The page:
Books and Broadcasting

It’s been so long since my last post, I feel quite guilty for not updating.  With my ebook reading device, I’ve been indulging in fanfiction far more often than novels, and I’ve had a few things in life that have reduced my contact time with wonderful hardcopies.  As it is, one of my friends linked me today to a short light report on libraries and booksellers in Canberra.

It was hardly surprising to me.  I’ve read that right now, out of all the full-time permanent positions in our small town, about half are with the public service.  We are a land of university students and graduated administrators, and we’ve always had high rates of literacy and reading compared to national averages.  What I found interesting was that the ABC played up, a little, the imaginary fantasy of competition between libraries and booksellers, before getting to the point that more exposure to books increases both library loans and book sales.  In some radio programs in the past, they have overplayed old questions over the conflict between hardcopy novels and ebooks while missing the real technological differences between the two mediums and DRM issues.

We have hardly any issues as a city because we read books, but what issues we do have aren’t related to the ratio between booksales and bookloans.  We have a lot of sprawl for a small city, with bad public transport and ridiculously high property values.  This means that smaller independent booksellers and secondhand sellers have been shifting towards larger retail hubs and chains are bigger than individual stores.  It means that youth and those without cars have trouble finding, reaching, and accessing both bookstores and libraries with ease.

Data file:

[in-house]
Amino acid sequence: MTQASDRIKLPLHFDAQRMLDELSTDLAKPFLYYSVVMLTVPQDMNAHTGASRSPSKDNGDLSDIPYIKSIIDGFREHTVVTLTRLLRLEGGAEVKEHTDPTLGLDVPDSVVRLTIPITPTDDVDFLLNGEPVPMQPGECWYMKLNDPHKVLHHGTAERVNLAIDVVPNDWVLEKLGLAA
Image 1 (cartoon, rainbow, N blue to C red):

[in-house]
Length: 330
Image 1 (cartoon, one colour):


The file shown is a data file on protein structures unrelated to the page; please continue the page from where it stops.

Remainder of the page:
I suppose it is just the 7.30 report, but damn it all I’d like to see a local news story about book industry or literary fiction that dealt with things properly.  In the defense of journalists, I imagine that it would be harder to cover a story on bibliophiles in Canberra, because when we’re all reading at home it would be very hard to find and interview us.


Bookmark, Beautiful and Impractical!

I rarely use bookmarks, partly because I keep them in special places that are hard to reach from bus stops and friends’ houses, and partly because I’m getting a small collection of handmade and beautiful but impractical bookmarks from friends and family.  They’re beautiful, but embroidered and beady bookmarks (or anything thicker than thin card) might damage pages or fall out, since I cannot wedge them in tight against the jostling of public transport.